Remarkably, inoculation of Tg(CerPrP)1536+/− mice with this PMCA-adapted material, rapidly induced disease in all inoculated Tg(CerPrP)1536+/− mice (n = 7). The 143±6 d mean incubation time was strikingly similar to the ∼150 d mean incubation time of Cer/RML-4827 prions that resulted from adaptation of RML prions following replication in Tg(CerPrP)1536+/− mice (Fig. 2). This indicated that the barrier to inter-species transmission of mouse RML prions, which requires several hundred days of adaptation in Tg(CerPrP) mice and stabilization on serial passage, can be directly bypassed by serial PMCA of RML using CerPrPC from Tg mouse brain. We therefore refer to infectivity in this amplified sample as PMCA Cer/RML prions.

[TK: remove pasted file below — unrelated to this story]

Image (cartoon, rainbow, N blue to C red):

Using Western blotting, conformational stability assays, and histoblotting we characterized the properties of CerPrPSc produced in the brains of diseased Tg(CerPrP)1536+/− mice infected with PMCA Cer/RML prions. The diglycosylated profile of CerPrPSc in the PMCA Cer/RML inoculum (Fig. 1C) was maintained in the brains of diseased Tg(CerPrP)1536+/− mice (Fig. 3C and D). The denaturation profile and mean GdnHCl1/2 value of CerPrPSc in the brains of Tg(CerPrP)1536+/− mice infected with PMCA Cer/RML prions was equivalent to Cer/RML-4827, but different from RML in wild type FVB mice or from naturally occurring or PMCA-derived CWD prions in Tg(CerPrP)1536+/− mice. This indicated that, similar to the adaptation of RML in Tg(CerPrP)1536+/− mice, serial PMCA resulted in adaptation of mouse RML prions to produce novel cervid prions with a CerPrPSc conformation distinct CWD prions. Histoblotting revealed a consistent pattern of CerPrPSc distribution in the brains of two Tg(CerPrP)1536+/− mice infected with PMCA Cer/RML prions (Fig. 7). The diffuse CerPrPSc deposition in the brains of two such mice, referred to as #5294 and #5295, was distinct from the small punctate staining pattern in the CNS of Tg(CerPrP)1536+/− #5302 mouse infected with RML, or the large CerPrPSc deposits in the CNS of Tg(CerPrP)1536+/− mice infected with CWD prions (Fig. 4). Comparison of the histoblot patterns in #5294 and #5295 mice with Tg(CerPrP)1536+/− mouse #7263 that was infected with Cer/RML-4827 prions also revealed subtle differences in the regional distribution of CerPrPSc with, for example, relative sparing of the corpus callosum in the #5294 and #5295 mice infected with PMCA Cer/RML prions (Fig. 7). These differences in CerPrPSc distribution suggest that subtle strain differences distinguish Cer/RML-4827 and PMCA Cer/RML prions.